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Economics and political science classes will see their highest enrollment in the spring of 2024

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The three classes with the highest enrollment this semester — introductory macroeconomics, biomedical ethics and law, and intermediate macroeconomics — attracted hundreds of students.

Hudson Warm and Andre Fausu

1:36 AM, January 26, 2024

Staff reporters

Samad Haqqani, photography editor

As the add/drop period ends Tuesday, registrar data reveals the most popular Yale College courses for the spring 2024 semester. The top three include two lecture courses in macroeconomics and “Bioethics and Law,” a lecture course in the Department of Political Science.

Topping the list is “Introduction to Macroeconomics” — a foundational economics lecture by economics professor Fabrizio Zilibotti — with 344 students enrolled. The second subject, “Bioethics and Law,” which includes 288 students, is taught by Stephen Latham, professor of political science and director of the Yale Interdisciplinary Center for Bioethics. The course focuses on “US law’s treatment of key issues in contemporary biomedical ethics,” according to the class description in the course search. Intermediate Macroeconomics, taught by economics professor Marnix Amand, had the third highest enrollment.

Zilipoti wrote for the News that his course prepares students to understand the world we live in — a world in which economics is “spread.”

“The course provides the basic tools for understanding the daily debate on topical issues in our society: growth, unemployment, inequality, inflation and poverty,” he wrote.

He added that Ziliputi aims to keep his track relevant to our moment in history.

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He also wrote to the News that he bases the discussion on recent trends including the COVID-19 pandemic, the 2007-2008 financial crisis, and recent trends in income inequality.

Zilipoti said he believes his course, as well as Introductory Microeconomics, is so popular because it is a requirement for the economics major, although his course attracts students in other majors.

Due to the popularity of the course, it employs a team of trainers, including course director William Hawkins, as well as teaching fellows and peer tutors.

Due to the breadth of the class, Zilibotti wrote that his class did not have time to delve too deeply into any of the topics covered, although he stated that the more advanced courses were designed for that purpose.

Ryan Kolsakdinon ’27 described Introduction to Macroeconomics as “welcoming” because of its “low-commitment” structure. The class meets twice a week for 75-minute lectures as well as weekly 50-minute sections.

Kolsakdinon told the News that his main reason for enrolling in the class was his combined major, computer science and economics.

“Having a good foundation in micro and macro is really important. I think taking a college-level macroeconomics course would be helpful,” Kolesakdinon said.

“Bioethics and Law,” the second most popular course, is a social sciences course that focuses on timely and relevant issues in medicine, such as access to abortion, Professor Stephen Latham wrote for the News.

“With the overturn of Roe v. Wade, states are going in completely different directions on abortion rights,” he wrote. “So, a very large percentage of the topics we talk about in class are in the headlines every week.”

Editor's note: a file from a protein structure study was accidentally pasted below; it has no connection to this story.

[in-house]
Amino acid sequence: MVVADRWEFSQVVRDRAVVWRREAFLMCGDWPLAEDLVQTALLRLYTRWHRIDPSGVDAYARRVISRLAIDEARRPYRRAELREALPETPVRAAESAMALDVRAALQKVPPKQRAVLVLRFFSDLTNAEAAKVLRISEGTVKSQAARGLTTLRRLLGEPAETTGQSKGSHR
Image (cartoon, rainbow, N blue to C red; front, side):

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Latham hopes the course will provide students with the skills and knowledge to thoughtfully discuss their positions on bioethical issues, discussing issues such as abortion, assisted reproduction, medical assistance in dying and public health responses during epidemics.

In class he also teaches how the American legal debate over health care issues differs from that in other countries.

Dean Centa '25 is enrolled in Intermediate Macroeconomics, the class that had the third-highest enrollment this semester. Although he wasn't originally keen on taking the course, Senta told the News that he took the class because it was a requirement for his major, adding that many of the seniors in the class held off on taking the requirement until their final semester.

Giovanni Maggi, director of undergraduate studies in economics, wrote for The News that the reason for the growing interest in economics is multifaceted.

“I must be a good economist here,” he wrote to the News. “The question of what explains the great and growing popularity of economic cycles is not a straightforward one, and it will require careful empirical investigation to understand the causes of this phenomenon.”

However, he pointed out some factors that may have influenced the department's popularity: excellent career and research opportunities, the high quality of teaching and the fact that some economics classes are mandatory for majors, including global affairs and economics.

Senta shared similar views to Ziliputi, saying that some students take these economics courses out of curiosity, but most take them as a requirement.

“If you go to Coursetable, and you look at the reviews, everyone is taking it because it's a requirement,” Cinta told the News.

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Senta also told the News that first-years and sophomores are interested in economics starting with “introductory microeconomics” and “introductory macroeconomics” and then to “intermediate macroeconomics” throughout their Yale careers.

Sean Barrett's “General Physics Laboratory” and Steve Chang's “Cognitive Neuroscience” were the fourth and fifth most popular, with 247 and 243 students, respectively.

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